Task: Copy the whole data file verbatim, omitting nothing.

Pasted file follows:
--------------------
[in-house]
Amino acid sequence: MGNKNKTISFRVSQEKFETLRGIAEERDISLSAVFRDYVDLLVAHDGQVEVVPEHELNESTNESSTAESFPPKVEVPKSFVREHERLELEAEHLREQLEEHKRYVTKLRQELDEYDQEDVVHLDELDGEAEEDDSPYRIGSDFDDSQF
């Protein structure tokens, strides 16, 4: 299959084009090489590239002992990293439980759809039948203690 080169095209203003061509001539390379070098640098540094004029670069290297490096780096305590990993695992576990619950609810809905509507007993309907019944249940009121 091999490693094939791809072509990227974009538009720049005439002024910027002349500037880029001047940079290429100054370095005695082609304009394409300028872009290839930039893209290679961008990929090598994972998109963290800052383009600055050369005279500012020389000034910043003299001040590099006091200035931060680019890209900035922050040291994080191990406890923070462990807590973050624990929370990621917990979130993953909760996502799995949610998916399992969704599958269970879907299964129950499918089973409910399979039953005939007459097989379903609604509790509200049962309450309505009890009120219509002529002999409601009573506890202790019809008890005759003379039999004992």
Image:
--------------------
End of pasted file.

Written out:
[in-house]
Amino acid sequence: MGNKNKTISFRVSQEKFETLRGIAEERDISLSAVFRDYVDLLVAHDGQVEVVPEHELNESTNESSTAESFPPKVEVPKSFVREHERLELEAEHLREQLEEHKRYVTKLRQELDEYDQEDVVHLDELDGEAEEDDSPYRIGSDFDDSQF
């Protein structure tokens, strides 16, 4: 299959084009090489590239002992990293439980759809039948203690 080169095209203003061509001539390379070098640098540094004029670069290297490096780096305590990993695992576990619950609810809905509507007993309907019944249940009121 091999490693094939791809072509990227974009538009720049005439002024910027002349500037880029001047940079290429100054370095005695082609304009394409300028872009290839930039893209290679961008990929090598994972998109963290800052383009600055050369005279500012020389000034910043003299001040590099006091200035931060680019890209900035922050040291994080191990406890923070462990807590973050624990929370990621917990979130993953909760996502799995949610998916399992969704599958269970879907299964129950499918089973409910399979039953005939007459097989379903609604509790509200049962309450309505009890009120219509002529002999409601009573506890202790019809008890005759003379039999004992």
Image: